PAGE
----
20140504_173430Individual Procida lemons can apparently grow up to a whopping 2kg and these were all different sizes, some with green speckles, and others with minor signs of blight. There was even a conjoined pair of twins!

None of them were anything like the standard lemons you would see in a UK supermarket, which is perhaps why it’s hard for the growers to sell them outside their home market. Such a shame as they are delicious.

The spongy white pith (technically known as the albedo) of the Procida lemon is so thick that the locals call it ‘bread’. A local recipe uses the albedo and some flesh of the lemon in a salad called Insalate di Limone-Pane.

20140504_170214_1I attempted to make it back in the UK with the lemons I managed to get home in decent shape. The results were pretty good but, although the salad was very tasty, and the lemons relatively sweeter than standard ones, it was still quite bitter and I couldn’t manage more than a few mouthfuls. Perhaps I should have included more albedo and less of the flesh.

I used the zest to have a go at making my own limoncello for the first time. I’d bought the pure ethanol from a supermarket on a previous trip (cheaper than using vodka). Not sure if I quite got the proportion of lemon syrup to alcohol quite right but it certainly put hairs on my chest!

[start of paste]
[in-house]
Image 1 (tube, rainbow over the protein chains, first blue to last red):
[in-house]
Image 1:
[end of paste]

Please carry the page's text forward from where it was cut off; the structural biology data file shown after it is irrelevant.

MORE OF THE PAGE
So, a thoroughly enjoyable Sunday in Procida. Another trip is definitely needed to do it properly.






On the road in Moldova

Posted in Bălți, Cahul, Comrat, Moldova with tags , , , , on March 25, 2015 by gannet39

Although I spent most of my time in Chișinău I did have two days working in Bălți (the second city in the north) and Cahul (the sixth city in the south-west) which involved a couple of road trips. Because Moldova is such a small country, it was possible to get there and back to in a day.

I can’t tell you much about the cities themselves as all I saw was the inside of a classroom but in the Spring sunshine they didn’t seem as depressing as I thought they’d be, although I’m sure the notorious problems of drug addiction (2001 article) and human trafficking (2004 article) are still real and very serious.

Another problem here is police corruption; charging fines for false traffic misdemeanors being a specialty. I even read about someone being fined for impersonating a member of the military for wearing camouflage trousers!